Skin grafting is a technique that involves removing a patch of skin from one area of the body (the donor site) and transplanting it to another area. It is indicated in severe injuries such as burns, large open wounds, skin infections, bed sores or severe ulcers of the skin.
Split-thickness skin grafting involves removing the top two skin layers, the dermis and the epidermis, from the donor site (buttock or upper thigh) to cover the injury. The procedure is usually performed under general anesthesia. Once the donor skin is removed, it is carefully placed onto the recipient region. Your surgeon secures it in place with the help of stitches, staples or a surgical dressing. The donor area is also covered with a sterile dressing.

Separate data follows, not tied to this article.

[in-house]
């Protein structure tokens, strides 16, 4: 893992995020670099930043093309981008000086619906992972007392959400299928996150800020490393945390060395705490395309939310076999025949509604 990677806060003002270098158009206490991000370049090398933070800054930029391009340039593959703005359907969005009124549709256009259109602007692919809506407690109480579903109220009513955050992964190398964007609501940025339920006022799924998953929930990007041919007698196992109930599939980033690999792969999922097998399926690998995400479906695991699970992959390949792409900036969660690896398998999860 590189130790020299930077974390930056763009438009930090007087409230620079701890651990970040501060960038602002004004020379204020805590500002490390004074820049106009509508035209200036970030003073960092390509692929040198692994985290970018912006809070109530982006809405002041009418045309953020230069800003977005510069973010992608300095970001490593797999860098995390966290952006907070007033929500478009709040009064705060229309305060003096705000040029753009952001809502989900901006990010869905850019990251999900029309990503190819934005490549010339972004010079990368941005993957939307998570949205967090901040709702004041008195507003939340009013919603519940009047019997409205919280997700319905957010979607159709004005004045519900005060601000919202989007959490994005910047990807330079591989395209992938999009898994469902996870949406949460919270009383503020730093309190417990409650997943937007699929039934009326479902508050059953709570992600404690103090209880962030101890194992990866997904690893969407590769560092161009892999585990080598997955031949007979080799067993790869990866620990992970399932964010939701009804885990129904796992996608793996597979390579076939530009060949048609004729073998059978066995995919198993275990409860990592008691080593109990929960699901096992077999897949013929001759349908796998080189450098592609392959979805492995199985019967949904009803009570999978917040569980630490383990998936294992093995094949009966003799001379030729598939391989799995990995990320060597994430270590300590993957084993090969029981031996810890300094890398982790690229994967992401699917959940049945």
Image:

Split thickness grafts appear shiny and have a smooth appearance. However, since they don’t blend well with the adjacent skin and don’t grow as the body grows with age, there may be a need for additional grafts later in life.
As with any invasive procedure, split thickness skin grafting may involve certain risks and complications which include chronic pain, infection, scarring, discoloration of the skin, uneven skin surface, increased sensitivity, reduced or lost skin sensation, and bleeding.